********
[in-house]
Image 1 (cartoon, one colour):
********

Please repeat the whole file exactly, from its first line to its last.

[in-house]
Image 1 (cartoon, one colour):